1911 Encyclopædia Britannica/Mahāvaṃsa
MAHĀVAṂSA, the Great Chronicle, a history of Ceylon from the 5th century B.C. to the middle of the 5th century A.D., written in Pali verse by Mahānāma of the Dīghasanda Hermitage, shortly after the close of the period with which it deals. In point of historical value it compares well with early European chronicles. In India proper the decipherment of early Indian inscriptions was facilitated to a very great extent by the data found only in the Mahāvaṃsa. It was composed on the basis of earlier works written in Sinhalese, which are now lost, having been supplanted by the chronicles and commentaries in which their contents were restated in Pali in the course of the 5th century. The particular one on which our Mahāvaṃsa was mainly based was also called the Mahāvaṃsa, and was written in Sinhalese prose with Pali memorial verse interspersed. The extant Pali work gives legends of the Buddha and the genealogy of his family; a sketch of the history of India down to Asoka; an account of Buddhism in India down to the same date; a description of the sending out of missionaries after Asoka’s council, and especially of the mission of Mahinda to Ceylon; a sketch of the previous history of Ceylon; a long account of the reign of Devānam-piya Tissa, the king of Ceylon who received Mahinda, and established Buddhism in the island; short accounts of the kings succeeding him down to Duṭṭha Gāmīin (Dadagamana or Dutegemunu); then a long account, amounting to an epic poem, of the adventures and reign of that prince, a popular hero, born in adversity, who roused the people, and drove the Tamil invaders out of the island. Finally we have short notices of the subsequent kings down to the author’s time. The Mahāvaṃsa was the first Pali book made known to Europe. It was edited in 1837, with English translation and an elaborate introduction, by George Turnour, then colonial secretary in Ceylon. Its vocabulary was an important part of the material utilized in Childer’s Pali Dictionary. Its relation to the sources from which it drew has been carefully discussed by various scholars and in especial detail by Geiger. It is agreed that it gives a reasonably fair and correct presentation of the tradition preserved in the lost Sinhalese Mahāvaṃsa; that, except in the earliest period, its list of kings, with the years of each reign, is complete and trustworthy; and that it gives throughout the view, as to events in Ceylon, of a resident in the Great Minster at Anurādhapura.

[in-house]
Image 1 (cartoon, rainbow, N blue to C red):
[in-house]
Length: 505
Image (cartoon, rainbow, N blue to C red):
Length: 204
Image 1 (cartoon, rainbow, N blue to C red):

See The Mahāvaṃsa, ed. by Geo. Turnour (Colombo, 1837); ed. by W. Geiger (London, 1908); H. Oldenberg, in the introduction to his edition of the Dīpavamsa (London, 1879); O. Franke, in Wiener Zeitschrift für die Kunde des Morgenlandes (1907); W. Geiger, Dīpavamsa und Mahāvamsa (Leipzig, 1905, trans. by Ethel M. Coomaraswamy, Colombo, 1908). (T. W. R. D.)